adapted to HTML from lecture notes of Prof. Stephen A. Nelson Tulane
Reserves vs. Resources
Reserves - Are dependent on price.
Resources - Total amount of material present.
(Notice that the production of gold roughly followed the price of the
gold. In 1980 the price of gold drastically went up and very shortly after
that we see a sharp increase in gold production. This sharp increase
reflects the addition of other gold sources that were previously thought
too costly to use.)
Typically a gold mine may contain 10 grams (one-third of an ounce) of gold
per ton of ore mined.
involved in deciding whether to mine a potential ore body
Price of commodity
Size of ore body
Cost of capital investment
Underground vs. Surface Mining ( underground mining is much more
expensive generally will only do this if there is a seam or if the ore
can be sold at a high price)
Extent of mineral processing necessary (eg- 8 g of gold is recovered
from 1 ton of rock)
Cost of mining
Cost of transportation
Cost of reclamation (returning land to previous pre-mining
Is there a market?
Mineral Reserves and Resources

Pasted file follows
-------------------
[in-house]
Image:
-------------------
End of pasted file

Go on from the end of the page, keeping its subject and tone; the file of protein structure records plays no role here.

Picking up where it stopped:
World Reserve 1,000 tons
World Lifetime Years
U.S. Reserves 1,000 tons
The Rise of Recycling
Notice how the consumption of metals has changed from a strictly primary
source to a 50% primary source and 50% recycled source since about 1980.
Another overhead has to do with what % of scrap metal for a variety of
different metals were used instead of mining new reserves. The below is a
list of the findings.
% of scrap metal used
Environmental Problems associated with various aspects of Mining
Exploration - Need to put in roads, cut lines through woods, etc.
Underground - Not as bad, except that sometimes hazardous materials
Surface - Pit or strip mine. Can cover very large tracrts of land.
Waste materials need to be disposed of, and are often toxic.
Smokestack - Ejects toxic material into the atmosphere.
Sulfides are common - Arsenic, lead, mercury, sulfuric acid.